But that also lead me to the thought of using a polytunnel as a swimming pool enclosure. The usual swimming pool enclosure can be quite expensive, and during this holding back on the spending to much money period, this maybe a temporary (or permanent) cheaper alternative. The idea is you fix and secure anchor or base plates in position around the swimming pool then cover the polytunnel frame with a sheet of polythene have doorways each end and Voi-la. You have a pool enclosure that doesn’t cost the earth and you could swim in almost all year round.

What are the planning regulations for Polytunnels? In general you do not need planning permission for sheds, greenhouses, summerhouses or polytunnels. However you will need to apply for planning permission if the polytunnel is nearer to any road than the nearest part of the house, unless there’s at least 20m between the polytunnel and a road. You can’t build over 3m high (or more than 4m if it has a pitched roof). A pitched roof has its ridge at the centre, and both sides slope down at the same angle – this accurately describes a polytunnel roof. First Tunnels

Take extra care if your site has a listed building or resides in a conservation area, national park, or area of outstanding natural beauty. There are further restrictions to planning in these cases. Please click here to go to the Planning portal. but also contact your local planning authority to make sure

Wednesday, 26 August 2009

Finding a good builder (Part 1)

Finding a good builder (Part 1)

      Finding a good builder is said to be notoriously difficult to find and if you unwittingly obtain the services of a cowboy builder in it can turn into a nightmare.

       You've had the architects in, the plans and building regs have been drawn, written, submitted and approved, but as yet you haven't had any quotes or estimates from a builder.

       You could start by asking friends and colleges what builders they may know of or if they know of anyone whose had a builder in to do work for them.

       If you don't wish to ask a friend or colleges "You must do" some extra leg work and look around locally at other property where others are either currently in the process of having construction work done, or who have had construction work completed. (Preferably the later) Then pluck up the courage, go and ask the householder for their opinion of the builders work and what the builder is like to deal with. Write out a list out of questions you'd like to ask, but try not to make it look like your asking questions for a survey. Some people find this objectionable where others are onl;y too pleased to help

       Just ask Important questions like one of the most important questions is "What is the quality of the builders work like?" Or just cut to the chase and ask "What do you think of your builder quility of work and have you any "major" complaints about their attitude
Well that's the start and end of finding a good builder (Part 1) In part 2 There's more legwork to do as we start looking through directories etc and some plain advice about starting a building project and you having peace of mind while the project is in process...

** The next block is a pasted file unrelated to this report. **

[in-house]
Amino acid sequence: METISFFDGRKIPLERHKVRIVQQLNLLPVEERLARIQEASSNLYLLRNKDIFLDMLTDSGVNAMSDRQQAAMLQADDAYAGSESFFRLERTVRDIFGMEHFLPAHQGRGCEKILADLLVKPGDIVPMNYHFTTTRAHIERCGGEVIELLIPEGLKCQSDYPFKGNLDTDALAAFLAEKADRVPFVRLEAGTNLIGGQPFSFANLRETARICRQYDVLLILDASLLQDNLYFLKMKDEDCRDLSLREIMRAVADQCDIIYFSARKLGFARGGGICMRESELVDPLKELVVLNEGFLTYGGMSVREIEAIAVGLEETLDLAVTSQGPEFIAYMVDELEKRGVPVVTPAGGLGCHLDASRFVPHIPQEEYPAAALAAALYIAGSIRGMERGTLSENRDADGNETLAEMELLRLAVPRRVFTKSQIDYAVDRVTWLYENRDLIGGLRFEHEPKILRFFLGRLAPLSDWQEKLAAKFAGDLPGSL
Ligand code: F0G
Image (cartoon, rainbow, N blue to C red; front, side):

John Cox Builderwall

Saturday, 22 August 2009

When is it the right time to builderwall The summer season?

When is it the right time to builderwall or start a home improvement project. Is it the spring/summer season??

Some would say wait till the spring season to builderwall, the bad weather should have eased off by then. and it should be much dryer
(Much Dryer!!! When is there a right time in the UK for it to be dry???)

pretty sure everyone doesn't know the answer to that question. But you would have thought at least the late spring to summer would be dry? Er! well! it does dry up much quicker than the winter months
(When it stops raining) And we did have temperatures up into the 30's... Yes we did... For about a week, and the temperatures are then too high for some types of building works to commence. Lime or cement rendering mortars dry up before they've had chance to set high temperatures can be every bit as bad as frost attack.

There are those who do not want building work to commence in the summer season, because they just don't want the mess and the dust around, and just want to enjoy the summer sun, and wait till the end of the summer season to start there project.

So what are the advantages/disadvantages of having the builders in during the spring and summer seasons?
  • Question: It's Dryer? Less days lost due to inclement weather?
  • Answer: Well that theory has gone out the window. I've seen more dryer winters than summers. The weatherman have not been my favorite person this year (All though it's not there fault for the change in weather patterns).
  • Question: You can work longer hours?
  • Answer: I don't think so. The builder will still work the same hours though occasionally the builder may work on and he can still do this in the winter with the correct lighting (On many occasions roadworks on motorways are performed at night). Though some works can't be carried out in artificial light.
  • Question: Doesn't the frost affect the build?
  • Answer: It sure does, but when do we get many frosty winter days? How often are the temperatures below freezing? But then there are means and ways of protecting work from frost attack.
  • Question: Couldn't the builder start the external works in the Spring or Summer season and move indoors during the Autumn/Winter time
  • Answer: Yes that is one advantage, but then what if it's raining most of the summer season? And previous to that there was a long dry winter spell?

At one time I would have said wait till March/April to start a project, but nowadays apart from the difference in temperatures (and I've said many a time during a summer season "Jeep's it's cold and wet!!!.....It's more like February than July...") and the longer nights there's not much to choose from anymore.

So really No time is the best time to start a project

No season is the best season to builderwall

Friday, 10 April 2009

The barn conversion and the proposed rear extension

We need an extension on the back of the conversion for a walkway to access the rooms as at present the walkway is taking a large chunk of area from the rooms in the conversion, and the fact we have to construct an inner skin of blockwork with cavity insulation makes the rooms smaller again.
We heard from the planners 2 days ago that we need to apply for planning consent for the walkway.
So more £'s to pay out. Forms to fill in and another plan to draw out of the conversion with the extension highlighted in red
Then I suppose it may be an 8 week wait...Yeap that's right an 8 week wait and possilbly longer
for a decission

Stout heart..............